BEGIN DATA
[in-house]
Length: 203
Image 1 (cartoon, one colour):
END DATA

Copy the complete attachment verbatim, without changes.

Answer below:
[in-house]
Length: 203
Image 1 (cartoon, one colour):